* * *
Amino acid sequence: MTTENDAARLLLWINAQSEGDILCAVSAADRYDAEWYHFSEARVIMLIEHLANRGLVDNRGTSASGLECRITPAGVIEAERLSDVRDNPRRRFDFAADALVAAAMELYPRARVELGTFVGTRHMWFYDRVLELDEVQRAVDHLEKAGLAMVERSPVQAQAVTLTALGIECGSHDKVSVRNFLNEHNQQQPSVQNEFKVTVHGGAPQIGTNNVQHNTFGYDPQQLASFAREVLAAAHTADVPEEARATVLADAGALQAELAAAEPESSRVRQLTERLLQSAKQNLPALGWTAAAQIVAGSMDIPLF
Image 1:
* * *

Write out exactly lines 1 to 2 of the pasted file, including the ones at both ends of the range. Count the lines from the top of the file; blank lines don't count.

Amino acid sequence: MTTENDAARLLLWINAQSEGDILCAVSAADRYDAEWYHFSEARVIMLIEHLANRGLVDNRGTSASGLECRITPAGVIEAERLSDVRDNPRRRFDFAADALVAAAMELYPRARVELGTFVGTRHMWFYDRVLELDEVQRAVDHLEKAGLAMVERSPVQAQAVTLTALGIECGSHDKVSVRNFLNEHNQQQPSVQNEFKVTVHGGAPQIGTNNVQHNTFGYDPQQLASFAREVLAAAHTADVPEEARATVLADAGALQAELAAAEPESSRVRQLTERLLQSAKQNLPALGWTAAAQIVAGSMDIPLF
Image 1: